Skip to main content
Open this photo in gallery:

Liberal Leader Justin Trudeau makes a whistle-stop at Fisherman's Wharf in Steveston, Richmond, B.C., on Aug 25.Sean Kilpatrick/The Canadian Press

The fight for political supremacy in British Columbia on Sept. 20 will be won or lost in about 10 ridings in suburban Vancouver where tight races are expected and the potential for change the greatest, say political experts.

B.C. has 42 ridings, but most of the key targets are located in the Langley, Surrey, Coquitlam, Port Moody and Port Coquitlam areas where the Liberals, Conservatives and New Democrats won and lost ground in the past two federal elections.

When Liberal Leader Justin Trudeau called the election, the standings in B.C. stood at 17 Conservatives, 11 Liberals, 11 New Democrats, two Greens and one Independent.

Federal election 2021: What are the challenges facing the major political parties before Canada votes on Sept. 20?

Canadian federal election 2021: Latest updates and essential reading ahead of Sept. 20 vote

Federal election poll tracker: Follow the latest Nanos-Globe-CTV numbers ahead of the Sept. 20 vote

In 2019, which resulted in a minority Liberal government, the Liberals lost six seats in B.C., the Conservatives gained seven seats and the NDP dropped three.

“The ring around the Lower Mainland: this is the part of the province where I see the most volatility,” said Stewart Prest, a Canadian politics instructor at Coquitlam’s Douglas College.

“These are ridings where there’s the possibility of a Liberal or a Conservative taking it, or possibly the NDP,” he said. “There’s only so many ridings like that in B.C.”

The province’s Okanagan and Interior regions are traditionally solid Conservative territories. The NDP customarily does well on Vancouver Island, although the Greens took two seats there in the last election.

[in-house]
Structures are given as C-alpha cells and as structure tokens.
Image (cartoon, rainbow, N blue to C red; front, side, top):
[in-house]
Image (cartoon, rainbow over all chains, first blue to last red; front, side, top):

But ridings such as Port Moody-Coquitlam, where Conservative Nelly Shin won by 153 votes over the NDP, and Coquitlam-Port Coquitlam, where Liberal Ron McKinnon defeated the Conservative candidate by less than 400 votes, are considered swing ridings where nothing is guaranteed, said Mr. Prest.

“There’s only so many seats where there’s real competition,” he said. “We’re looking at areas quite often where the city meets the town or the town meets the country.”

The suburban Vancouver ridings represent a mix of urban and rural voters who bring progressive and traditional viewpoints to election campaigns, Mr. Prest said.

Many younger voters in search of more affordable housing have left Vancouver for Port Moody, Langley and Chilliwack – areas where many longtime residents have voted Conservative, he added.

The Liberals are looking to win back the half-dozen B.C. seats they lost in 2019, while the Conservatives want to hold the 17 they won, plus win a few more, and the New Democrats are aiming to retake seats they lost to the Greens and Conservatives, said Mike McDonald, chief strategy officer at Vancouver’s Kirk & Co.

“The Liberals, clearly in order to win a majority, they have to win more seats in B.C.,” he said. “There are six or seven targets for them that they won in 2015 that if they win them back in 2021, that would take them halfway or more to getting a majority.”

Mr. McDonald is a former chief of staff to former B.C. Liberal premier Christy Clark and has guided several provincial election campaigns. He also writes a regular politics and current issues blog, Rosedeer.